Displaying items by tag: social media

My Love/Hate Relationship With Instagram

by Ellen Foell, International Program Specialist of Heartbeat InternationalSocial Media to Reach Women

I have a confession to make: I am a baby boomer, born in 1957. That means I still use Facebook. I laugh at Facebook Reels and TikToks that my children send me but cannot create one. I use LinkedIn to get articles for free but usually do not respond when someone wants to connect. I text and I do not write in all caps—REALLY! Finally, being a boomer, I have an Instagram account—like 2 billion other people—but I don’t post regularly. In 2022, the typical Instagram user spent around 12 hours per month using the platform’s app, up from an average of 11.2 hours per month in 2021. I think I am maximizing my use of Instagram when I “like” or “heart” a post. End of confession.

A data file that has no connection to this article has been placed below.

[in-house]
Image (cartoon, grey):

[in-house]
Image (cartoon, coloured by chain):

I am aware of the power of Instagram, and that is probably why I have a love/hate relationship with the platform. I have issues with anything that has that much influence over people because I think of all the unsuspecting people who may have a regular, but uncritical, “diet” of what Instagram has to offer.

On the other hand, it is a great way to reach people; and that is why I started an Instagram account: to be where my children are. They are no longer on Facebook; they do not read my long emails detailing every aspect of daily life, and I think they only communicate on the phone because they know how Neanderthal I am. If I could carry a cave wall, I would totally send my children pictographs. So, if rule #1 of marketing is that we need to be where our clients are, then Instagram seems to be the place.

Instagram has 2 billion active users, making it one of the most popular social networks. That is a lot of people. Only TikTok, WhatsApp, and Facebook have more users.